a mournful poem that deals with loss, especially the death of a loved one
A literary convention, chiefly of the Middle Ages. a story is presented as a literal dream of the narrator. This device was commonly used to teach moral and religious lessons.
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a term used to point out a characteristic of a person.
Homeric epithets are often compound adjectives (“swift-footed Achilles”) that become an almost formulaic part of a name. Epithets can be abusive or offensive but are not so by definition. For example, athletes may be proud of given epithets (“The Rocket”).
A device employed in Anglo-Saxon poetry in which the name of a thing is replaced by one of its functions or qualities, as in “ring-giver” for king and “whale-road” for ocean.
A figure of speech in which something is referred to by using the name of something that is associated with it
A figure of speech in which a part is used for the whole (as hand for sailor), the whole for a part (as the law for police officer), the specific for the general (as cutthroat for assassin), the general for the specific (as thief for pickpocket), or the material for the thing made from it (as steel for sword).
use of the same consonant at the beginning of each stressed syllable in a line of verse
a break or pause (usually for sense) in the middle of a verse line
composed and transmitted by reciters; tends to have refrains, description, and word patterns for easy memorization
a grammar construction in which a noun (or noun phrase) is placed with another as an explanation
a short narrative with romantic characteristics. often fairytale or supernatural
a narrative form popular during the medieval period; this form of writing is based primarily on the adventures of knights, kings, or distressed ladies. the themes include love, religious faith, the desired for adventure, and often an involvement with supernatural forces. Often, the main character sets forth on a quest or journey and meets with distracting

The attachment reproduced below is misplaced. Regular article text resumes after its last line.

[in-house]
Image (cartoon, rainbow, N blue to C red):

chivalrously expressed secret love between members of nobility; inspired romantic literature
the practice of good manners
Woman who lives alone usually in a room built on the side of a church.
genre that satirizes social types in relations to their occupations; therefore, the English society is arranged according to jobs
A story in which one or more other stories are told. Examples include the Prologue to the Canterbury Tales and the play at the beginning of the Taming of the Shrew.
incongruity between what might be expected and what actually occurs
the speaker, voice, or character assumed by the author of a piece of writing
the appeal of a text to the credibility and character of the speaker, writer, or narrator
a tale, usually inserted into the text of a sermon, that illustrates a moral principle
an expressive style that uses fictional characters and events to describe some subject by suggestive resemblances
unrhymed verse (usually in iambic pentameter)
“Scripture alone.” It is the belief that all man needs for salvation is the Bible. This is a tenet for most Protestants.
By faith alone. The grace of God as the only ground of salvation through faith in Jesus Christ.
the art of persuasion
a means for poet & courtier to show off and earn respect, often by using complicated language
a calculated nonchalance, a studied ease or carelessness that seeks to hide the hard work that went into it
Italian (Petrarchan) sonnet
a sonnet consisting of an octave with the rhyme pattern abbaabba, followed by a sestet with the rhyme pattern cdecde or cdcdcd
English (Shakespearean) sonnet
consists of 3 quatrains and a couplet, usually rhyming abab cdcd efef gg
a sonnet consisting of three quatrains and a concluding couplet in iambic pentameter with the rhyme pattern abab bcbd cdcd ee
a rhythmic group of six lines of verse
the shift or point of dramatic change in a poem
stock, Italian comparison of a subject like love to a rose, sun, statue, pearl, etc.
a departure from what is experienced by the competent users of the standard use of language mainly by the arrangement of their words to achieve special effects
conjoining contradictory terms (as in ‘deafening silence’)
a way of writing that stresses simplicity and clarity of expression
a French verse form of 10 or 13 lines running on two rhymes
an Italian form of iambic verse consisting of eleven-syllable lines arranged in tercets, the middle line of each tercet rhyming with the first and last lines of the following tercet
A seven-line stanza of iambic pentameter rhymed ababbcc, used by Chaucer and other medieval poets.
a form of the sonnet and particularly the poet’s attitude towards his subject matter (praise of a woman as the perfection of human beauty and object of the highest expression of love)
a verse line having six metrical feet
the official symbols of a family, state, etc.
bob and wheel
bob-stressed line, first Ababa; wheel: those that follow, aBABA